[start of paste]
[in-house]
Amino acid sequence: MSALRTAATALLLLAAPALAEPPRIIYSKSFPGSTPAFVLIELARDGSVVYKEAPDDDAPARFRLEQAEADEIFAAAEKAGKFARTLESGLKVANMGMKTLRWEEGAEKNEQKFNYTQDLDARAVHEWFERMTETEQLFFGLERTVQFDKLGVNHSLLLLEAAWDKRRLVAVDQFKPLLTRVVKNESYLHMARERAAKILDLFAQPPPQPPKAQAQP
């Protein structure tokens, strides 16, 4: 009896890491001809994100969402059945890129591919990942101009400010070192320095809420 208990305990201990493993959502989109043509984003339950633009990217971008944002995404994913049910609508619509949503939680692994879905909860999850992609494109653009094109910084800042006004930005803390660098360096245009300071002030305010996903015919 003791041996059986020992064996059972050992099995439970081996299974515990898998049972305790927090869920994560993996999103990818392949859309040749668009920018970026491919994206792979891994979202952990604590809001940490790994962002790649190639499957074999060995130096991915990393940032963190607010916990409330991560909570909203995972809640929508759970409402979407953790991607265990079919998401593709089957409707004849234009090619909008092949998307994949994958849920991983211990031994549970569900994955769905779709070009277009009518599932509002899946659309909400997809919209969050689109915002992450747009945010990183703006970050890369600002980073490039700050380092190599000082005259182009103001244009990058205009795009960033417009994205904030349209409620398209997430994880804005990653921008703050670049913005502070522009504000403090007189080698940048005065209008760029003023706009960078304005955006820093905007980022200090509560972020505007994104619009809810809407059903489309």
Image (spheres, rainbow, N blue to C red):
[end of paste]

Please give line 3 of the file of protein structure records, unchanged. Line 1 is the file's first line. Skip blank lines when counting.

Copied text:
């Protein structure tokens, strides 16, 4: 009896890491001809994100969402059945890129591919990942101009400010070192320095809420 208990305990201990493993959502989109043509984003339950633009990217971008944002995404994913049910609508619509949503939680692994879905909860999850992609494109653009094109910084800042006004930005803390660098360096245009300071002030305010996903015919 003791041996059986020992064996059972050992099995439970081996299974515990898998049972305790927090869920994560993996999103990818392949859309040749668009920018970026491919994206792979891994979202952990604590809001940490790994962002790649190639499957074999060995130096991915990393940032963190607010916990409330991560909570909203995972809640929508759970409402979407953790991607265990079919998401593709089957409707004849234009090619909008092949998307994949994958849920991983211990031994549970569900994955769905779709070009277009009518599932509002899946659309909400997809919209969050689109915002992450747009945010990183703006970050890369600002980073490039700050380092190599000082005259182009103001244009990058205009795009960033417009994205904030349209409620398209997430994880804005990653921008703050670049913005502070522009504000403090007189080698940048005065209008760029003023706009960078304005955006820093905007980022200090509560972020505007994104619009809810809407059903489309």